Headlines hummed with the discovery by a 15-year-old Saleem Rashid of a vulnerability he found in Ledger hardware wallets. He blogged about in on March 20.
What's Ledger and what are their hardware wallets? Ledger, said Krebs on Security, one of the numerous sites eyeing the teen's feat, is a company whose products are designed to physically safeguard keys used to receive or spend the user's cryptocurrencies.
For example, the company describes its Ledger Nano S as "a Bitcoin, Ethereum and Altcoins hardware wallet, based on robust safety features for storing cryptographic assets and securing digital payments. It connects to any computer (USB) and embeds a secure OLED display to double-check and confirm each transaction with a single tap on its side buttons."
So, as Krebs explained, "Hardware wallets like those sold by Ledger are designed to protect the user's private keys from malicious software that might try to harvest those credentials from the user's computer. The devices enable transactions via a connection to a USB port on the user's computer, but they don't reveal the private key to the PC."
Is having private keys that can be connected to a PC via a USB port the perfect safeguard or the perfect storm? Anyone thinking about such a question was drawn to the blog posted by Rashid. He said an attacker could use the vulnerability to get private keys from the device.
Krebs reported that Kenneth White, director of the Open Crypto Audit Project, was impressed with Rashid's proof-of-concept attack code, which Rashid sent to Ledger approximately four months ago. (Saleem Rashid thanked Josh Harvey for providing him with a Ledger Nano S, to work on his exploit.)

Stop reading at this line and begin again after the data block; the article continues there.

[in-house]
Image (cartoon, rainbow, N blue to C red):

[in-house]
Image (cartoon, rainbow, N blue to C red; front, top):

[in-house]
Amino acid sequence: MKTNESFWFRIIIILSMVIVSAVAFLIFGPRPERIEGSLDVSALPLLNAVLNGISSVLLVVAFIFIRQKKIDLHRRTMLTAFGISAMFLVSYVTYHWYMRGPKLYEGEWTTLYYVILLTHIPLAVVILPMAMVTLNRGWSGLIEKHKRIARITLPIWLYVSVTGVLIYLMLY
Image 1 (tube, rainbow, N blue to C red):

Dan Goodin in Ars Technica presented an account of what Rashid did. He said the 15-year-old showed proof-of-concept code that allowed him "to backdoor" the Ledger Nano S hardware wallet.
John Biggs in TechCrunch noted that Ledger CEO Eric Larchevêque claimed that there were no reports of the vulnerability's effects on any active devices. Joon Ian Wong, Quartz, similarly reported that Ledger said it was not aware of any funds that have been stolen from the devices."
Ledger officials, meanwhile, updated the Nano S to address the vulnerability. Alphr reported that Ledger issued a patch for the Ledger Nano S, four months after the initial disclosure. So as far as Nano S goes, Ledger said the problem was addressed.
The company blog posted on March 20, "Firmware 1.4: deep dive into three vulnerabilities which have been fixed," regarding "security improvements made to our firmware." They said they strongly encouraged their users to update their firmware by following their step by step guide.
According to Ledger, the firmware update patches three security issues. "The update process verifies the integrity of your device and a successful 1.4.1 update is the guarantee that your device has not been the target of any of the patched attack. There is no need to take any other action, your seed / private keys are safe."
Ledger has offices in Paris, Vierzon & San Francisco.
In the bigger picture, as many security pundits say, it is best not to assume any device is immune from attack.
Biggs in TechCrunch weighed in: "Ultimately, this breach shows us that hardware wallets are a good solution but still not foolproof. Regular updates and careful key management are still vitally important."
Quoted by BBC News, Craig Young, a researcher at security firm Tripwire, commented: "It is very difficult to thoroughly secure any device from attackers with physical access. This is why it is so critical to have trusted component makers, merchants, and repair facilities."